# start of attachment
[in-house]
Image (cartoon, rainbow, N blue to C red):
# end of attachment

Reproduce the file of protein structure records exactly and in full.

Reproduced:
[in-house]
Image (cartoon, rainbow, N blue to C red):